In the depths of last winter the bathroom, if by no means warm, was the least glacial room in the house. Ever since the children were born it’s also been the only place in our North Norfolk home in which there is sufficient freedom from interruption to read. I was convalescing from Zadie Smith (On Beauty) and needed the literary equivalent of comfort food: of toad in the hole, cottage pie or dead man’s leg. The choice was Howard’s End, Brideshead Revisited or The Riddle of the Sands, all steadfast companions since I grew out of Lady Chatterley’s Lover. There was a rattle of rain on the bathroom window. It was an evening for Erskine Childers. I closed the door firmly on the children, drew the bath and settled down to read.
At once I was immersed in the pleasingly familiar plot. The riddle of the title is the motive behind an apparent attempt to wreck Arthur Davies, the hero of Childers’ Edwardian thriller, in the treacherous shoal waters of the German Frisian islands. The story culminates in the revelation that the perpetrator of the attempt, who goes under the name of Herr Dollmann, is a disgraced English naval officer trying to put Davies off the scent of a German plan to invade England. Davies and his companion, the narrator Carruthers, discover the plot and unmask the villain; Dollmann’s innocent daughter Clara falls into Davies’s welcoming arms; and Dollmann himself is conveniently lost at sea as the Englishmen flee the coast in their yacht Dulcibella.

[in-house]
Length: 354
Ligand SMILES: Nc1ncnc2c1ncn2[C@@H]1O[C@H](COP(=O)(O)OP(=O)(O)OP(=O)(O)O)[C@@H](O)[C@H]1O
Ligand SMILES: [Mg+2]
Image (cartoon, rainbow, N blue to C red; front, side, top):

As such it’s a cleverly wrought whydunit, worrying away at Dollmann’s motive up to the climax with the mainspring force of a detective novel. In its course, there are episodes worthy of Childers’ friend John Buchan. As a race against time, Childers’ account of his heroes beating the fog and tide to the island of Memmert vies with Richard Hannay’s passage of the Col of the Swallows in Mr Standfast; Carruthers’ wonde
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